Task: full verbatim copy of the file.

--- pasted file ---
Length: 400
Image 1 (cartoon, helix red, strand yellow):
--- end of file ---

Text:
Length: 400
Image 1 (cartoon, helix red, strand yellow):